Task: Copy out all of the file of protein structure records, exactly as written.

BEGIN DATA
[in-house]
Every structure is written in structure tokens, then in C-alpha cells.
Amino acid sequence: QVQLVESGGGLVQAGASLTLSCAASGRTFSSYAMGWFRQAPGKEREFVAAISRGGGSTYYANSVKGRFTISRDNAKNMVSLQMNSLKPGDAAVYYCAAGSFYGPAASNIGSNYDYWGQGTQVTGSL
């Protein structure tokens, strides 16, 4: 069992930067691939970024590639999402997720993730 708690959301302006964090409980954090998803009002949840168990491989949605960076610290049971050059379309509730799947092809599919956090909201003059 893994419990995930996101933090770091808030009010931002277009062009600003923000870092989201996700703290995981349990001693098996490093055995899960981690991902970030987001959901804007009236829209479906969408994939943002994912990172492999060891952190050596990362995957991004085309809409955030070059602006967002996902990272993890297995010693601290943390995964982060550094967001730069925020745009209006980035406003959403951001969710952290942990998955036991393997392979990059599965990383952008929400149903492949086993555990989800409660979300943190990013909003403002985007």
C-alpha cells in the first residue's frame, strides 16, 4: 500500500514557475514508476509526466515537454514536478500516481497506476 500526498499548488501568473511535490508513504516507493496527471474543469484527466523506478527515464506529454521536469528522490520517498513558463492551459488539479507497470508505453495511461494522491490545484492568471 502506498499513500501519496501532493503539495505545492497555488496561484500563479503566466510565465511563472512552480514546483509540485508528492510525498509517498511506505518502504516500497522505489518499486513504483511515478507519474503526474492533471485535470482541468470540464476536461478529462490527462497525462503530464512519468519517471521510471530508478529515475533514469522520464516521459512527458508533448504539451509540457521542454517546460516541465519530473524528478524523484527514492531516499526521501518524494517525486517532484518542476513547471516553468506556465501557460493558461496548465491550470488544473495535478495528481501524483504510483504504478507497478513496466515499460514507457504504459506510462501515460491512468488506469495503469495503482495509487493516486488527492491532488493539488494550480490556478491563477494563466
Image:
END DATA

[in-house]
Every structure is written in structure tokens, then in C-alpha cells.
Amino acid sequence: QVQLVESGGGLVQAGASLTLSCAASGRTFSSYAMGWFRQAPGKEREFVAAISRGGGSTYYANSVKGRFTISRDNAKNMVSLQMNSLKPGDAAVYYCAAGSFYGPAASNIGSNYDYWGQGTQVTGSL
């Protein structure tokens, strides 16, 4: 069992930067691939970024590639999402997720993730 708690959301302006964090409980954090998803009002949840168990491989949605960076610290049971050059379309509730799947092809599919956090909201003059 893994419990995930996101933090770091808030009010931002277009062009600003923000870092989201996700703290995981349990001693098996490093055995899960981690991902970030987001959901804007009236829209479906969408994939943002994912990172492999060891952190050596990362995957991004085309809409955030070059602006967002996902990272993890297995010693601290943390995964982060550094967001730069925020745009209006980035406003959403951001969710952290942990998955036991393997392979990059599965990383952008929400149903492949086993555990989800409660979300943190990013909003403002985007």
C-alpha cells in the first residue's frame, strides 16, 4: 500500500514557475514508476509526466515537454514536478500516481497506476 500526498499548488501568473511535490508513504516507493496527471474543469484527466523506478527515464506529454521536469528522490520517498513558463492551459488539479507497470508505453495511461494522491490545484492568471 502506498499513500501519496501532493503539495505545492497555488496561484500563479503566466510565465511563472512552480514546483509540485508528492510525498509517498511506505518502504516500497522505489518499486513504483511515478507519474503526474492533471485535470482541468470540464476536461478529462490527462497525462503530464512519468519517471521510471530508478529515475533514469522520464516521459512527458508533448504539451509540457521542454517546460516541465519530473524528478524523484527514492531516499526521501518524494517525486517532484518542476513547471516553468506556465501557460493558461496548465491550470488544473495535478495528481501524483504510483504504478507497478513496466515499460514507457504504459506510462501515460491512468488506469495503469495503482495509487493516486488527492491532488493539488494550480490556478491563477494563466
Image: